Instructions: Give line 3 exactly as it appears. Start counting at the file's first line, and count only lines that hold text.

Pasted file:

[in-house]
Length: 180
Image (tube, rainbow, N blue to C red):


Image (tube, rainbow, N blue to C red):